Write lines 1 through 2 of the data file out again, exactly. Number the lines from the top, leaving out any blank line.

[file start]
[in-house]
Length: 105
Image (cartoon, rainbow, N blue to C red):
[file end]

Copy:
[in-house]
Length: 105